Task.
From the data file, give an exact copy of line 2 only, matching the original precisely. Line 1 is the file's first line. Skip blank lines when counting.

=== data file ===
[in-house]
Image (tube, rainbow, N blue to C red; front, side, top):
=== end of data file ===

Image (tube, rainbow, N blue to C red; front, side, top):